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timing information about the check can be exposed to an timing information about the check can be exposed to an
attacker, particularly via an automated service that allows attacker, particularly via an automated service that allows
rapidly repeated queries. rapidly repeated queries.
On the other hand, it is inconvenient to the user to be informed On the other hand, it is inconvenient to the user to be informed
that they typed in the wrong passphrase only after a petabyte of that they typed in the wrong passphrase only after a petabyte of
data is decrypted. There are many cases in cryptographic data is decrypted. There are many cases in cryptographic
engineering where the implementer must use care and wisdom, and engineering where the implementer must use care and wisdom, and
this is one. this is one.
15. Implementation Nits 14. Implementation Nits
This section is a collection of comments to help an implementer, This section is a collection of comments to help an implementer,
particularly with an eye to backward compatibility. Previous particularly with an eye to backward compatibility. Previous
implementations of PGP are not OpenPGP-compliant. Often the implementations of PGP are not OpenPGP-compliant. Often the
differences are small, but small differences are frequently more differences are small, but small differences are frequently more
vexing than large differences. Thus, this is a non-comprehensive vexing than large differences. Thus, this is a non-comprehensive
list of potential problems and gotchas for a developer who is trying list of potential problems and gotchas for a developer who is trying
to be backward-compatible. to be backward-compatible.
* The IDEA algorithm is patented, and yet it is required for PGP * The IDEA algorithm is patented, and yet it is required for PGP
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have different fingerprints. have different fingerprints.
* If an implementation is using zlib to interoperate with PGP 2.x, * If an implementation is using zlib to interoperate with PGP 2.x,
then the "windowBits" parameter should be set to -13. then the "windowBits" parameter should be set to -13.
* The 0x19 back signatures were not required for signing subkeys * The 0x19 back signatures were not required for signing subkeys
until relatively recently. Consquently, there may be keys in the until relatively recently. Consquently, there may be keys in the
wild that do not have these back signatures. Implementing wild that do not have these back signatures. Implementing
software may handle these keys as it sees fit. software may handle these keys as it sees fit.
16. Authors' Addresses 15. Authors' Addresses
The working group can be contacted via the current chair: The working group can be contacted via the current chair:
Derek Atkins Derek Atkins
IHTFP Consulting, Inc. IHTFP Consulting, Inc.
6 Farragut Ave 6 Farragut Ave
Somerville, MA 02144 USA Somerville, MA 02144 USA
Email: derek@ihtfp.com Email: derek@ihtfp.com
Tel: +1 617 623 3745 Tel: +1 617 623 3745
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Wildenbruchstr. 15 Wildenbruchstr. 15
07745 Jena, Germany 07745 Jena, Germany
EMail: lutz@iks-jena.de EMail: lutz@iks-jena.de
Hal Finney Hal Finney
Email: hal@finney.org Email: hal@finney.org
David Shaw David Shaw
Email: dshaw@jabberwocky.com Email: dshaw@jabberwocky.com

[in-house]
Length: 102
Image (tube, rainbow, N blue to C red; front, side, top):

Rodney Thayer Rodney Thayer
Email: rodney@tillerman.to Email: rodney@canola-jones.com
This memo also draws on much previous work from a number of other This memo also draws on much previous work from a number of other
authors who include: Derek Atkins, Charles Breed, Dave Del Torto, authors who include: Derek Atkins, Charles Breed, Dave Del Torto,
Marc Dyksterhouse, Gail Haspert, Gene Hoffman, Paul Hoffman, Ben Marc Dyksterhouse, Gail Haspert, Gene Hoffman, Paul Hoffman, Ben
Laurie, Raph Levien, Colin Plumb, Will Price, David Shaw, William Laurie, Raph Levien, Colin Plumb, Will Price, David Shaw, William
Stallings, Mark Weaver, and Philip R. Zimmermann. Stallings, Mark Weaver, and Philip R. Zimmermann.
17. References (Normative) 16. References (Normative)
[AES] Advanced Encryption Standards Questions and Answers [AES] Advanced Encryption Standards Questions and Answers
<http://csrc.nist.gov/encryption/aes/round2/ <http://csrc.nist.gov/encryption/aes/round2/
aesfact.html> aesfact.html>
<http://csrc.nist.gov/encryption/aes/round2/ <http://csrc.nist.gov/encryption/aes/round2/
r2algs.html#Rijndael> r2algs.html#Rijndael>
[BLOWFISH] Schneier, B. "Description of a New Variable-Length [BLOWFISH] Schneier, B. "Description of a New Variable-Length
Key, 64-Bit Block Cipher (Blowfish)" Fast Software Key, 64-Bit Block Cipher (Blowfish)" Fast Software
skipping to change at page 82, line 49 skipping to change at page 83, line 12
"Randomness Recommendations for Security", RFC "Randomness Recommendations for Security", RFC
4086, June 2005. 4086, June 2005.
[SCHNEIER] Schneier, B., "Applied Cryptography Second Edition: [SCHNEIER] Schneier, B., "Applied Cryptography Second Edition:
protocols, algorithms, and source code in C", 1996. protocols, algorithms, and source code in C", 1996.
[TWOFISH] B. Schneier, J. Kelsey, D. Whiting, D. Wagner, C. [TWOFISH] B. Schneier, J. Kelsey, D. Whiting, D. Wagner, C.
Hall, and N. Ferguson, "The Twofish Encryption Hall, and N. Ferguson, "The Twofish Encryption
Algorithm", John Wiley & Sons, 1999. Algorithm", John Wiley & Sons, 1999.
18. References (Informative) 17. References (Informative)
[BLEICHENBACHER] Bleichenbacher, Daniel, "Generating Elgamal [BLEICHENBACHER] Bleichenbacher, Daniel, "Generating Elgamal